Regions Northern Virginia

Something new in getting rid of tattoos?

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Print this page by Veronica Garabelli
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Dr. Scott Burger entered the business after
hearing tattoo complaints. Photo by Mark Rhodes

Want to say adieu to your tattoo? UnTattooU, a tattoo removal clinic in Vienna, says it is helping people do that with new laser technology.

According to the American Society for Aesthetic Plastic Surgery, the number of people undergoing laser tattoo removal went up by 43 percent from 2011 to 2012. A Harris Poll from 2012 said that one in five Americans had at least one tattoo, although most didn’t regret it (86 percent). 

UnTattooU, which opened in March, claims to be the first tattoo removal company in Northern Virginia to feature the PicoSure Laser. The technology was approved by the Federal Drug Administration in 2012.

“It’s very revolutionary for the process of removing tattoos,” says Dr. Scott Burger, chief medical officer and co-founder of UnTattooU. “In the past people’s options were potentially skin grafting — if they could find somebody who was willing to do it for them — or to use a type of laser called Q-switched laser (QSL).”

QSL can’t remove blue and green ink and requires more treatments than the PicoSure, Burger says. While PicoSure is more expensive per treatment than QSL, he says, the total net cost “pretty much balances out.”

PicoSure isn’t perfect, however. It doesn’t work well in removing red ink. UnTattooU uses QSL in those cases.

The cost of laser-tattoo removal depends on factors such as the size of the tattoo and the number of treatments required. Depending on what laser is used, the cost can  be as little as $75 per treatment to remove a small tattoo. However, using the Picosure Laser costs at least $300 per treatment.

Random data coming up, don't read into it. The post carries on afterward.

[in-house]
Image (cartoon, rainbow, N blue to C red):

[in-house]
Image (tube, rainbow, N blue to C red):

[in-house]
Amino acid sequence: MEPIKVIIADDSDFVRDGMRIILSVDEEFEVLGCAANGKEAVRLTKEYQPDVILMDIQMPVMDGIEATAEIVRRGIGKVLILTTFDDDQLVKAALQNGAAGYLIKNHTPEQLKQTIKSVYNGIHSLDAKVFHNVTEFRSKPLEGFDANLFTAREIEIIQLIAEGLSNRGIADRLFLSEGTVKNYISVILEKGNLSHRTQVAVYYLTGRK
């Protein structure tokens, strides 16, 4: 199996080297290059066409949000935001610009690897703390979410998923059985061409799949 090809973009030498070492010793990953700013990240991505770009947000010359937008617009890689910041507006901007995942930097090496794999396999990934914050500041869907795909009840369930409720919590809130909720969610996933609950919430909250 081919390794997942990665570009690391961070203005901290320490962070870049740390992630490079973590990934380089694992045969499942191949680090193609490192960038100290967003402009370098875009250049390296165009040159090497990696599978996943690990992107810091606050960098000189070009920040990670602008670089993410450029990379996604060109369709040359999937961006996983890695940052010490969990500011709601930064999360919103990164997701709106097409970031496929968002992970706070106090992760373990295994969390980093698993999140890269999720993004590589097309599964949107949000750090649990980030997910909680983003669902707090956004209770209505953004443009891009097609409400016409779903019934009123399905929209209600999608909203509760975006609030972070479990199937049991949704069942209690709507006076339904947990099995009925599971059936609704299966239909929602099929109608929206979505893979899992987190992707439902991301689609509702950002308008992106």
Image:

Burger says many people interested in getting tattoos removed don’t realize that the process can’t be completed in just one treatment.

“Unfortunately, it’s just not the reality of things,” Burger says. “It’s a process, and the old process was a year to two years to get a tattoo off, if they could even get it off … you have to set the expectation for people that they have to be patient with it.”

Some people also want to remove a tattoo only a couple of days after getting it. That doesn’t work, Burger says, because the body must heal before starting the removal process.

UnTattooU’s owners de­­­­cided to open in Vienna because they liked the area’s population density, proximity to Tysons Corner and access to major highways such as interstates 66 and 495. So far, business has been very good, Burger says. On busy days, the clinic has had as many as eight people.

“For the most part, people are fairly sophisticated in their understanding of this process,” Burger says. “They’ve researched it; they know they’re looking for the Picosure. They understand there’s a meaningful difference between the Q-switched laser and Picosure, and they are actively seeking us out.”

Burger, an emergency medicine physician, decided to enter the tattoo removal business after hearing so many patients complain about their tattoos.

“I thought it was a great industry to get into,” he says. “[Since] tattoos have become so popular … it would be nice to give people an option for a way to remove something that maybe they just don’t want to have anymore.”


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